I can appreciate your cynicism about this considering the source, Brian. But I know from personal experience that my BP goes up when I eat more salt than I need to (i.e. Chinese food!).

It makes sense for a variety of reasons that I have described that when you eat too much salt it can cause harm to your low-carb diet.

THANKS as always for your comments!

3/24/2006 8:13 AM  
Blogger sly_foxx68 said...

Jimmy,

I am curious, have you tested this since you have lost your weight. Does your BP still go up now that you have lost your weight or is this experience only from the pre low carb days? I would be interested in hearing more, currently I am not convinced that salt has any effect on BP or poses any other health risks but I could be wrong you know, I used to follow low fat :-)

Thanks again Jimmy
Brian

3/24/2006 8:50 AM  
Blogger Jimmy Moore said...

My BP can STILL go up today even after my weight loss when I have eaten too much salt, Brian. Maybe it's just my body chemistry, but I'm better off avoiding it whenever possible. THANKS again!

3/24/2006 10:09 AM  
Blogger Regina Wilshire said...

>>>I can appreciate your cynicism about this considering the source, Brian. But I know from personal experience that my BP goes up when I eat more salt than I need to (i.e. Chinese food!). <<<

You're salt sensitive - basically in the minority of the population that sees an increase in BP when you consume more salt and a decrease when you reduce intake. The vast majority of the population however is not "salt sensitive"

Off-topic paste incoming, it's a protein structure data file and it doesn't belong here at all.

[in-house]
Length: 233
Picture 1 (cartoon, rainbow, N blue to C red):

To put this in perspective, the founder of the American Society of Hypertension, Dr. John Laragh, in April 2001, summarized the situation as follows:

“Is there any proven reason for us to grossly modify our salt intake or systematically avoid table salt? Is this a proven healthy thing to do, that is, will it save us from the major goals of antihypertensive therapy, such as a later heart attack or stroke or kidney failure? Generally speaking the answer is either a resounding no, or that, at best, there is not any positive direct evidence to support such recommendations. And equally relevant, what are the new risks you might be taking on by avoiding salt?” (American Journal of Hypertension, (14)4:307-310.

3/24/2006 3:15 PM  
Blogger sly_foxx68 said...

WOW,

I get a response from my 2 favorite low carb bloggers in the same day. I read both of your blogs daily and look forward to new postings everyday.

Thanks for the feedback Regina!

Thanks for the Blogs BOTH of you!

Brian

3/24/2006 7:55 PM  
Blogger Newbirth said...

Thanks for the comment, Regina. I didn't know that. I do know that I consistently go above the recommend RDA for sodium and it doesn't hurt me at all. My blood pressure is fine every time I go to the doctor.

I tried no-salt-added cottage cheese one time - tasted like cardboard. I just ran today's numbers out of curiosity and it looks like about 6500mg. But I have gone as high as 8800mg since I began tracking, and with no ill effects.

It's just not something I pay attention to, even though FitDay makes it easy to track.

I think most people don't need to worry about it.

3/26/2006 11:36 PM